Nightmare at 20,000 Feet

Richard Matheson
Nightmare at 20,000 Feet Cover

Nightmare at 20,000 Feet: Horror Stories By Richard Matheson


Nightmare at 20,000 Feet: Horror Stories by Richard Matheson should be required reading for all fans of horror. Not just because Mr. Matheson was one of the first Grand Masters of Horror, inducted in 1993 by The World Horror Convention, or because he has been the influence of such authors as Stephen King (Also a Grand Master), but because so many of these short stories were the basis of amazing movies and TV anthologies that we have all enjoyed.

Mr. Matheson is in his element when he is writing true horror. The psychological horror stories were for me hit and miss, but the true horror was chilling. For me the three stand-outs in this series were "Crickets," "The Distributor," and "Dance of the Dead." I'm throwing in "Witch War" for honorable mention because it was another standout.

I read "Crickets" alone in the dark and could not get the idea out of my mind when finished. The sound of the cricket is so ubiquitous here in the country that one almost doesn't hear it anymore, but what if they were communicating to us through those chirps, or worst yet communicating with something else.

"The Distributor" was probably the stand-out in the psychological terror stories in this series. There is somethings so disturbing about the character of Theodore Gordon, who destroys the lives of his new neighbors so completely and with such glee and zeal. It was truly terrifying, and when he posts the results in his book and the reader realizes just how many times he had done this, it was just another level of horror. Sublime.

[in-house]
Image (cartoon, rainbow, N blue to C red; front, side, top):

I was first introduced to "Dance of the Dead" by Showtime's amazing Anthology Series "Masters of Horror." Although only 2 seasons long, it was an amazing introduction to the horror genre and included 1 hour movies from some of the greatest names in horror ever assembled. You should check them out, several can be found on But I digress, but only slightly. The thing is, I was mesmerized by the story when I first saw it. It was horrifying and tragic, heart breaking sad and a coming of age story all wrapped up in one. I immediately ran out and found the story and read it, I was disappointed because the short story was markedly different from the TV series I had just watched. Now ten years later and vastly more well-roundingly (sp) read, I was able to read this story with fresh eyes. The only thing the screen writer (who incidentally was Richard Matheson's son Richard Christian Matheson) did was expand on the themes his father laid out in the short story. I just loved it on this second reading.

I have to be honest in "Witch War," I just liked the juxtaposing of the giggling teenage girls and the destruction of the army. It was a revelation to read.

5 of 5 stars